The mouse cried out for help, beseeching God of deliverance, and began to upbraid the cat, saying, "Where is the covenant thou madest with me and where are the oaths thou sworest to me? Is this my reward from thee? I brought thee into my nest and trusted myself to thee: but he speaks sooth who says, 'He who relies on his enemy's promise desireth not salvation for himself.' And again, 'Whoso trusts himself to his enemy merits his own destruction.' Yet do I put my trust in my Creator, for He will deliver me from thee.' The cat was about to pounce on him and devour him, when up came a huntsman, with hunting dogs trained to the chase. One of the dogs passed by the mouth of the nest and hearing a great scuffing within, thought there was a fox there, tearing somewhat; so he thrust into the hole, to get at him, and coming upon the cat, seized on her. When she found herself in the dog's clutches, she was forced to take thought to herself and loosed the mouse alive and whole of wound. Then the dog broke her neck and dragging her forth of the hole, threw her down dead: and thus was exemplified the truth of the saying, "He who hath compassion, compassion shall be shown him at the last; and he who oppresseth shall presently be oppressed."

This, then, O king,' added the interpreter, 'is what befell the cat and the mouse and teaches that none should break faith with those who put trust in him; for whoso doth perfidy and treason, there shall befall him the like of that which befell the cat. As a man meteth, so shall it be meted unto him, and he who betaketh himself unto good shall gain his reward [in the world to come]. But grieve thou not, neither let this trouble thee, O king, for that most like thy son, after his tyranny and oppression, will return to the goodliness of thy policy. And I would that learned man, thy Vizier Shimas, had concealed from thee nought in that which he expounded unto thee; and this had been well-advised of him, for it is said, "Those of the folk who most abound in fear are the amplest of them in knowledge and the most emulous of good."'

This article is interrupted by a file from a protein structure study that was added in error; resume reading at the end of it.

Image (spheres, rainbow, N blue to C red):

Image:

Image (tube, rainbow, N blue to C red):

The king received the interpreter's speech with submission and dismissing him and his fellow with rich presents, withdrew to his own apartments and fell to musing over the issue of his affair. When the night came, he went in to one of his women, who was most in favour with him and dearest to him of them all, and lay with her: and before four months had passed over her, the child stirred in her belly, whereat she rejoiced with an exceeding joy and told the king. Quoth he, 'My dream said sooth, by God the Helper!' And he lodged her in the goodliest of lodgings and bestowed on her store of rich gifts and entreated her with all honour. Then he sent for his Vizier Shimas and told him what had betided, rejoicing and saying, 'My dream is come true and I have attained my hope. It may be this child will be a son and inherit the kingship after me; what sayst thou of this, O Shimas?' But he was silent and made no reply. Quoth the king, 'What ails thee that thou rejoicest not in my joy and returnest me no answer? Doth the thing mislike thee, O Shimas?'

Thereupon the vizier prostrated himself before him and said, 'O king, may God prolong thy life! What availeth it to sit under the shade of a tree, if there issue fire therefrom, and what is the delight of one who drinketh pure wine, if he be choked withal, and what doth it profit to quench one's thirst with sweet cool water, if one be drowned therein? I am God's servant and thine, O king; but there are three things whereof it beats not the understanding to speak till they be accomplished; to wit, the traveller, till he return from his journey: the man who is at war, till he have overcome his enemy, and the pregnant woman, till she have cast her burden. For know, O king, that he, who speaks of aught before it be accomplished, is like the fakir and the pot of butter.' 'What is the story of the fakir,' asked the king, 'and what happened to him?' 'O king,' answered the vizier,...

[Go to The Fakir and His Pot of Butter]

Payne, John (1842-1916). The Book of the Thousand Nights and One Night. London. 1901. Gutenberg Vol. I. Gutenberg Vol. II. Gutenberg Vol. III. Gutenberg Vol. IV. Please consult the Gutenberg edition for footnotes; the footnotes have not been included in this web version. Wollamshram Vol. V. Wollamshram Vol. VI. Wollamshram Vol. VII. Wollamshram Vol. VIII. Wollamshram Vol. IX. Please consult the Wollamshram edition for footnotes; the footnotes have not been included in this web version.

1001 Nights Hypertext. Laura Gibbs, Ph.D. This website is licensed under a Creative Commons License. The texts presented here are in the public domain. Thanks to Gene Perry for his excellent help in preparing the texts for the web. Page last updated: January 1, 2005 10:46 PM